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Dirty Labrador retriever puppy relaxing after digging in the garden
Discover tips and guidance on seamlessly transitioning diet for your furry friend's health and happiness.

How to transition pet food

Changing your pet’s diet is sometimes essential, but it requires careful planning to prevent stomach issues. Here’s a simple guide to help you smoothly transition your pet to a new food and avoid any discomfort.

Why change your pet’s food?

There are several reasons why you may need to change your pet’s diet. It could be to regulate their weight; they may need to switch foods due to a medical requirement or life-stage change, for example pregnancy or nursing. Whatever the reason, having a plan to transition your pet to their new diet will help them make the change with the least amount of discomfort.

Planning to food transition

It’s important to plan your pet’s transition to their new diet – avoid switching from their old food to the new food all at once. A gradual transition process works best and will help to avoid any stomach complaints. Keep in mind the following:

  • Review pet food packaging for relevant guidelines and timeframes for transitioning as each brand will differ. 
  • Monitor your pet closely for any adverse reactions during the transition period.
  • Consult your vet for personalised advice, especially for pets with specific dietary needs. 

Tips for a smooth transition

Give your pet the best chance of a smooth transition to their new diet by following these tips:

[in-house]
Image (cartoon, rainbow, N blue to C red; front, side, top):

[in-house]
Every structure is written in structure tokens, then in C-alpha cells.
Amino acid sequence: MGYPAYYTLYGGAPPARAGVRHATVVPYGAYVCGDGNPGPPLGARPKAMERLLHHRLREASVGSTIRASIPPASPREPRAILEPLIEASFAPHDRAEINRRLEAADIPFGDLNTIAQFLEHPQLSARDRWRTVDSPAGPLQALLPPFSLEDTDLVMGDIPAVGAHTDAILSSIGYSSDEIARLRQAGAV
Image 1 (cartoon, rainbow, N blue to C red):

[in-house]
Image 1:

• Keep a regular feeding time, this will help create a routine for your pet.
  • Cut back on the treats while transitioning your pet to their new diet.
  • Be present – keep an eye on your pet during the transition process to see what their reaction is to the new food.

Keep in mind that some pets may need longer than 14 days to transition to a new diet and if you notice any change in your pet’s health, be sure to consult your vet. 

Health & Safety

Please make sure you use all equipment appropriately and safely when following the advice in these D.I.Y. videos. You need to be familiar with how to use equipment safely and follow the instructions that came with the equipment. If you are unsure, you may feel it is safest to consult an expert, such as the manufacturer or an expert Bunnings Team Member.

Grave health hazards are linked to asbestos, which may be in homes built up to 1990. Health hazards may result from exposure to lead-based paints in older materials and copper chromium arsenic (CCA) treated timber. For information on the dangers of asbestos, lead-based paint and CCA treated timber and tips for dealing with these materials contact your local council's Environmental Health Officer. You can also use a simple test kit from Bunnings to indicate the presence of lead-based paint.